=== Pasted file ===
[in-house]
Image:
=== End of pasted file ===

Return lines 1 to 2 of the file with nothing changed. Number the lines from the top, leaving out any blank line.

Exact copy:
[in-house]
Image: